And when I see those freaky kids walking out of their schools because they are young and dumb enough to still believe they can change the world, I cry for joy, and I pray to God that for the rest of their lives, at least five of them keep saying “fuck you” to anyone who tells them they’re wrong about that. And that they keep knowing walking up isn’t the same as walking out, and sometimes, most times, people use pretty words to say ugly things, to tell you to sit down and shut up and eat your goddamn plate of shit, and say thank you, because if they said it like that, no one would do it, but when they tell you the plate of shit is candy, well then, who doesn’t like candy?
Know the difference between shit and candy. That is the secret to life. Even when the whole wide world is screaming that shit is candy, trust your nose, trust your eyes, trust your gut. If it looks like shit, if it smells like shit, if you know in your heart you want something more, then call the shit shit, and make a stand, walk out, walk away, and let the chips fall where they may.
I can tell you from experience that there is no retributive cruelty, no alienation, no social excommunication that is so powerful that it can wash away the quiet peace that comes from knowing you have spoken and lived your truth at any cost. And I can tell you from experience that there is no accolade, no social acceptance, no wealth, no ease, no luxury that can wash away the soul shredding horror of knowing you are living a lie.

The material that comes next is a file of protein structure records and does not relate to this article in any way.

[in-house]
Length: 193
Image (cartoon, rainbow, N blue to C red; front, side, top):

A few months ago, I was teaching at a writer’s conference in San Miguel de Allende, Mexico. Three white writer friends and I (also white, visually speaking—my father was half Mexican, but you’d never know by looking at me) went to a posh rooftop restaurant. The place was mostly empty, but the staff refused to seat us for over a half an hour. Finally, my friend went to inquire about the wait, and the waitress told her off. She said, “Get out. We don’t want your kind. There are already too many of you here.” Stunned, we left.
But I wasn’t outraged, or even hurt, really. My father looked Mexican, so something in me felt I’d finally experienced a kind of blind hatred he’d probably experienced more often than he ever told me. I finally knew what it was to be my father’s daughter. And a fraction of what it probably felt like to be a minority in America, where this sort of thing happens to them every day. Also, since I had visited that restaurant multiple times in years past, the most recent being the year before, with absolutely no virulence directed my way, I was intellectually interested in what the incident said about the way in which other countries view America in the wake of the Trump presidency.
After leaving Mexico, I went to France to tour high schools that had been studying my books in their English classes. I had the time of my life in one of the most glorious places on earth. But while the organization that hosted me, and the teachers, and the students, were nothing short of gracious, I did sometimes notice heightened chilliness directed at me in public. (The last time I visited France was 2016.) Multiple people said snide things about America—her role in creating the crisis in the Middle East, Trump, our insane obsession with guns–daring me to disagree, clearly assuming I would be offended by their words. All I said in any of these instances was, “I agree with you.”